Vera Hawkins, of Bromley, Kent, secretary of the Home Income Plan Support Group, expects to be able to claim for losses on the plan she and her husband bought from Aylesbury Associates in 1987.
However, she does not expect she will be compensated for money lost between 1987 and 28 August 1988, the date the Investors Compensation Scheme was formally established.
'We lost a lot of money on our plan between 1987 and 1988,' says Mrs Hawkins. She is not sure exactly how much she has lost in total. Like thousands of other elderly people she and her husband raised a mortgage on their property and invested the money in an investment bond.
These schemes fell apart when the investment bonds failed to grow at the expected rate, leaving investors with mounting mortgage debts.
On the advice of Aylesbury, which is no longer in business, Mr and Mrs Hawkins borrowed pounds 50,000 from Cheltenham & Gloucester Building Society, but by 1991 this had swollen to pounds 63,000. They cashed in their Scottish Mutual investment bond and repaid about pounds 15,000 of the mortgage.
'We cannot afford to pay the interest, and the debt is still growing,' Mrs Hawkins says. 'It is probably back to about pounds 53,000 or pounds 54,000 now.'
Before this week's High Court rulings, however, the Hawkins and other pre-1988 investors had been deemed ineligible to claim anything at all from the ICS because of its view that people who invested before 28 August 1988 were excluded by its rules.
Barnett Sampson, London solicitors representing hundreds of home income plan victims, sought a judicial review in the name of two investors, Margaret Weyell, a 69-year-old widow, and John Veniard, 78.
Mrs Weyell signed up with Aylesbury in July 1988 but her pounds 115,575 mortgage was not executed until September. She invested pounds 93,000 through Aylesbury in the same month.
Lord Justice Glidewell and Mr Justice Cresswell ruled that she was eligible for compensation up to the ICS's pounds 48,000 limit because her losses started in September.
Mrs Weyell, who was forced to sell the pounds 160,000 home in West Wickham, Kent, that she mortgaged through Aylesbury, was thrilled at the judges' decision.
'It means I will have comfort until the end of my days,' she said.
Mr Veniard signed up with Aylesbury in 1987, but Aylesbury had reported to him on his investment - originally more than pounds 50,000 - after 28 August 1988, so he could claim for losses incurred from the time of the first report after that date.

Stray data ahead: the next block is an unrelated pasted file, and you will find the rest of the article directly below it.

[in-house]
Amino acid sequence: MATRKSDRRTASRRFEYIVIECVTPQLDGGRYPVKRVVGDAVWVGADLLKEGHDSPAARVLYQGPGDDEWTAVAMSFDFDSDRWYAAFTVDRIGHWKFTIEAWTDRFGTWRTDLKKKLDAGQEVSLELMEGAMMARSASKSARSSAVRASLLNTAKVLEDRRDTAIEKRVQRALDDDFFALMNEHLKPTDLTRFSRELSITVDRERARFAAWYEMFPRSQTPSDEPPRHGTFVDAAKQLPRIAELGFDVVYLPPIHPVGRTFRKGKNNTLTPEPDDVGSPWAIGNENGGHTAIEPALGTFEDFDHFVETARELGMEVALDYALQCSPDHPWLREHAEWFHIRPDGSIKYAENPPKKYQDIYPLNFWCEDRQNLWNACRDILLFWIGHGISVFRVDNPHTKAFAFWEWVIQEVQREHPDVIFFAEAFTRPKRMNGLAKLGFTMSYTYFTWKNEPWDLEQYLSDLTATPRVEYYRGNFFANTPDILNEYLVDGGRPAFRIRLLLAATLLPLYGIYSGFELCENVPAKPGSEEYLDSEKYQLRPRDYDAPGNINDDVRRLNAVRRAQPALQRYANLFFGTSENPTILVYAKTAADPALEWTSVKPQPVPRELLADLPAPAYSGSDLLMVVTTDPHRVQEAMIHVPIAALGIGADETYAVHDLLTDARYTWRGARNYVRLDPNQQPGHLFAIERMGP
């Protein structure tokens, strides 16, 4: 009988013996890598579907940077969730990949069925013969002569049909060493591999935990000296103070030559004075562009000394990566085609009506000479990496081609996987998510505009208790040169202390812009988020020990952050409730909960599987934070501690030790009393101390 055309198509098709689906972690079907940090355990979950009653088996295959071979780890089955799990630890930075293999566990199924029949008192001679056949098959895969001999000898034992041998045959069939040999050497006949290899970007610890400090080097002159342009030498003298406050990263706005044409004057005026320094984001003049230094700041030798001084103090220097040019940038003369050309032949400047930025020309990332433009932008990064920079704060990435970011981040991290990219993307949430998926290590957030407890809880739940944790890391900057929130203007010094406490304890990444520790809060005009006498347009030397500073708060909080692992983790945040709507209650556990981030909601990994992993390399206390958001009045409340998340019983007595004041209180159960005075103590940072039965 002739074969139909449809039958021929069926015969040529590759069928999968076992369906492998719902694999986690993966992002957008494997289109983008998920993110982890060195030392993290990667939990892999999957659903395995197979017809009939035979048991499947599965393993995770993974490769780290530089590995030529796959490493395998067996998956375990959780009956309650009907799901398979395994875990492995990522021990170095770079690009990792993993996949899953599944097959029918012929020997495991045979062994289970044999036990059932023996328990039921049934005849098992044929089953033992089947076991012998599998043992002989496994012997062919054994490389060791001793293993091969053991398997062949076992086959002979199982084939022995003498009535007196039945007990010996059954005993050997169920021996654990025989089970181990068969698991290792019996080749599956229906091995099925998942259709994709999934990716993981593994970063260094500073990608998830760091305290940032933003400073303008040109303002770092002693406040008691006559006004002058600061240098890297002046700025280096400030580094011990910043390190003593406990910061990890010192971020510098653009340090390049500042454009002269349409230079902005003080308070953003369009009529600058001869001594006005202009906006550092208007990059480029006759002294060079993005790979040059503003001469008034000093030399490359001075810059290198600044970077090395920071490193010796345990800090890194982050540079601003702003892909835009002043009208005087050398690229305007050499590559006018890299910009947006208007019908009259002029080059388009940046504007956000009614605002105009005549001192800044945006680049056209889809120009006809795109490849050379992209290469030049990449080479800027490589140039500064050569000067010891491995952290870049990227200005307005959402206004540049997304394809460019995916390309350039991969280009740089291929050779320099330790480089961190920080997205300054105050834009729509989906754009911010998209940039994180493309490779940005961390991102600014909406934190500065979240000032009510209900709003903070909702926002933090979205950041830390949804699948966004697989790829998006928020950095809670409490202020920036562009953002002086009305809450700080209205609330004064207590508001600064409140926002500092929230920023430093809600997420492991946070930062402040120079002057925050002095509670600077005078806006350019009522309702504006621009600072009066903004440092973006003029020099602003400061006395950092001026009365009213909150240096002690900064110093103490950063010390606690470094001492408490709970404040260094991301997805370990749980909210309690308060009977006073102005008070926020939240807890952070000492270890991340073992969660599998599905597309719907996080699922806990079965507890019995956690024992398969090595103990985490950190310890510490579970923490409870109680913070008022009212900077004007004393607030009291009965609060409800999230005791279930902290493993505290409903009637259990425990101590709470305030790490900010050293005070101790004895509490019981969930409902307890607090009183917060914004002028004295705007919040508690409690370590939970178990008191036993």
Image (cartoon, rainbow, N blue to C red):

The Securities and Investments Board is aware of 150 home income cases that could be affected by these rulings. Each will have to be considered individually.
The rulings could also lead to more generous compensation from the ICS, the main source of investor compensation under the Financial Services Act, for people who have lost money to other investment advisers on schemes unrelated to home income plans.
Antony Gold, of the Manchester solicitors Eversheds Alexander Tatham, is representing investors who have lost money through three firms and so far have been ineligible to claim. He will be considering this week's rulings to see where they stand.
The second court ruling overturned a decision by the ICS to halve compensation payments to the spouses of income plan investors who died before the firm they invested with had been declared formally in default.
Lord Justice Glidewell and Mr Justice Cresswell considered two test cases presented by Barnett Sampson. One involved a a man who was told in April that he would only receive pounds 4,971 from ICS, half the amount that would have been due had his wife not died before Fisher Prew Smith, the firm that they bought their plan from, was declared in default.
Another case involved a widow who was originally offered more than pounds 22,000 by ICS but was later told this was to be halved.
Richard Barnett, of Barnett Sampson described the ICS's action as hard-faced.
His firm's battles with the ICS are not over yet. Further court action is pending over the scheme's refusal to compensate for capital drawn out of home income plans. Barnett Sampson argues that many investors would not have taken money out if they had not thought it was safe.
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